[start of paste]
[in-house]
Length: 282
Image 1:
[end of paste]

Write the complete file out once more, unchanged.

[in-house]
Length: 282
Image 1: